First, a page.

So, if we want to get our schools open and our schools open safely and well, the best way to do that is to decrease the community spread. So I would say we need to keep up our social distancing and our masking and all of our other mitigation measures. Our CDC guidance on school reopening will be coming in the days ahead, and I look forward to thinking through those with everybody.
ACTING ADMINISTRATOR SLAVITT: Great, thank you. Do we have a next question?
MODERATOR: Last question will go to Isaac Stanley-Becker at Washington Post.
Q Thanks for taking my question. It follows up on Kristen’s first question. So, in light of the fact that this is the recommendation of the CDC, can you say a little bit more about what the administration is doing to communicate this guidance and these instructions to governors and other officials out in the country, discouraging them from taking some of these steps? Or is — ultimately, is this largely a state and local matter where the administration’s power is limited?
ACTING ADMINISTRATOR SLAVITT: So, I just want to confirm, not that the question was asked that long ago, but your question — you’re talking about conversations with governors about steps that they’re — those that are taking steps to relax mitigation standards? Is that your question?
Q That’s right. Just if you could say a little bit more about what the administration is doing to provide counsel and instructions on issues like mask mandates, dining restrictions to — you know, especially in light of the spread of these variants.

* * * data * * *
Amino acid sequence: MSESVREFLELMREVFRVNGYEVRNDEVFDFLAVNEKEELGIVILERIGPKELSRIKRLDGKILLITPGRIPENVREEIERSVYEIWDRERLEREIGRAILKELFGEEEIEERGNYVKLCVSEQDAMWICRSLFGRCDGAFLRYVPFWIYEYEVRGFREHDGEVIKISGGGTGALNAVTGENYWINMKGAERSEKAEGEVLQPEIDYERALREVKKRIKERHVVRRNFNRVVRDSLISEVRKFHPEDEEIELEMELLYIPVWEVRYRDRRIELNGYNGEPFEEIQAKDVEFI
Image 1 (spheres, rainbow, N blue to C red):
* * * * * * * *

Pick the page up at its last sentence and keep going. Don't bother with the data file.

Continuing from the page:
ACTING ADMINISTRATOR SLAVITT: Well, all across government, we talk to the states incredibly frequently, so maybe we’ll go around and see, Dr. Walensky, if there’s anything you want to add to your previous answer.
DR. WALENSKY: I will just say I think our stand on this is pretty well established. I attend a weekly governors call at least — and I know that — and I’ve been in touch one-on-one with numerous governors already. So I’m doing my best, and I’m — would be happy to do be doing more to encourage the states to decrease their community spread so that we can decrease the threat of these variants, decrease our hospitalizations, and get this pandemic under control.
ACTING ADMINISTRATOR SLAVITT: And the only thing I’ll add to that is, you know, we understand the pressure the government — the governors are under. We are taking a collaborative approach as much as possible, sharing with them the data, helping them understand — as we’ve covered on this call — why we’re in such a critical period to combating the virus, and hope to continue to work to persuade and partner with states and localities to continue to follow sensible public health measures until such time as we’re in a situation where the case rates are down — are down lower. We think that’s wise.
We think that the — that the voice of the CDC is preeminent here. They look at all of the data. They’re clear in communicating with the public. And we will continue to have those conversations with the states. But I won’t — I won’t go into any of the specific one-on-one conversations that we have with states because I think that might be counterproductive.
I want to thank you for — all for attending our briefing. I think we hit the half-hour mark pretty precisely. We look forward to a productive week, collectively, and to talking with you all again on Wednesday.
11:30 A.M. EST